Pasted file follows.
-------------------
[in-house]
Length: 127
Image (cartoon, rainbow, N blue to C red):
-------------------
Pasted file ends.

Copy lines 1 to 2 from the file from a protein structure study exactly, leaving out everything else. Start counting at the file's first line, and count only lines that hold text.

[in-house]
Length: 127